Amid the legal battle against the controversial confined animal feeding operation (CAFO) Valley Oaks, the local community has reason to celebrate. Johnson County Community Health Services Administrator, Anthony Arton, was given the green light to share his proposals to the Johnson County Commission for creating regulations/ordinances for CAFO’s in the county. He did this on October 4th, with two of the three proposed regulations calling for a public vote. While the regulations have yet to be drafted, they are much needed, as many Missouri counties have recognized over the past few years. Missouri has fallen behind as a state to protect communities, the environment and family farms from the impact of CAFO’s.
A Health Ordinance in Howard County (Ordinance 2017-02) passed in 2017 after months of discussions, education and revisions. Counties have recognized the need to regulate CAFO’s at their jurisdiction level after CAFO’s either moved into or planned to open operation in their counties. The state of Missouri appears to be using outdated information regarding the environmental and health impacts these operations have on the surrounding communities.
In 2008, 10 years ago, the Pew Commission on Industrial Farm Animal Production completed its study on industrialized animal farming. They concluded that significant changes needed to be implemented immediately to protect the public health, the environment and welfare of animals against the risks often posed by CAFOs.
The Howard County Ordinance included a setback distance within a distance of existing homes, which is more stringent than the requirement set by the state of Missouri. Lone Jack Neighbors hopes it is also included within the proposals Anthony Arton is to present, along with many other topics discussed with him in a late September meeting. Representatives from the group was able to meet with the Johnson County Health Board and discussed the research done by members of the group, as well as hired experts. Lone Jack Neighbors is cautiously optimistic for the drafting of proposals for future health regulations/ordinances in Johnson County, and while these are unlikely to affect Valley Oaks, they would apply to future CAFO’s looking to operate within Johnson County. It is possible the residents of Johnson County will be able to vote at the polls in April, after the final draft of the regulations, as two of the three proposals included calling for a public vote on the measures.
The group hopes Johnson County will follow other Missouri counties who have begun to create these health department directives applying to factory farms. From more stringent setback rules and land size requirements per animal and stronger protections for our groundwater, the goals of each passed regulation or ordinance within the current counties in Missouri with them is to protect the general public, the environment and local farmers from the impact CAFOs have.
It’s important that boards of health take action to regulate CAFO’s. As Dr. Mary Haskins, Biology professor at Rockhurst University, is concerned for public health and the local environment when these entities go unregulated. Some gases produced from manure, such as ammonia, have the ability to be carried up to 80 miles. Ammonia in particular is concerning for its ability to cause algal blooms. Many municipal water treatment plants utilize open containment tanks as part of the treatment of water for public use. The city of Kansas City, Missouri is one such municipality and lists agricultural livestock operations as one of the potential reasons for microbial contaminants in its 2018 Water Quality Report. Increased ammonia could cause these treatment facilities to require even further decontamination and treatment of water to prevent algal blooms and maintain safe potable water. Gases produced from manure also pose a greater threat to the immediate community, with studies showing the increased likelihood of impaired lung and brain functions.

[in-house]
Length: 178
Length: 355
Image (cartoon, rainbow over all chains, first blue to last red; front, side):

Aside from the health and environmental effects CAFOs have, the decline of small family farms can be attributed to the increased industrialization of farming in the United States. As Dr. John Ikerd, Professor Emeritus at the University of Missouri, states in his presentation The Facts About Factory Farms “…as CAFOs replaced independent livestock farmers, USDA statistics indicate the number of beef cattle operations fell by 41%, hog farms declined by 90%, and dairy farms fell by 80%… Rural communities have suffered both economically and socially from this loss of traditional farm families” It is important CAFOs have regulations and ordinances placed upon them so the traditional family farm can thrive. Whereas CAFO’s typically purchase their feed and supplies outside of their local region, family farms add to the local economy by purchasing locally and stimulating the economy.
With the deadline for the Administrative Hearing Commission’s release of their decision from the August 27th-28th appeal hearing approaching, around October 23rd, Lone Jack Neighbors is proud to share that their efforts to increase the awareness on the impact CAFOs have on public health and environmental safety and look forward to the drafting of regulations/ordinances in Johnson County and across Missouri, as more counties look to protect their citizens.
Jerry BarkerNovember 2, 2018 - 6:38 pm
Wow, sounds like this report was written practically word for by the Lone Jack Neighbors For Responsible Farming. Most of their data was carefully curated to promote the eminent doom presented by Valley Oaks. Anecdotal evidence makes it apparent the number of farms is declining. Fear mongering, (ammonia concentrate, respiratory and cognitive problems) doesn’t help legitimate agricultural businesses. Using an urban(human) input sanitation system to compare that of an animal with 4 stomachs is another fallacy. I’m really disappointed with what passes as journalistic execution.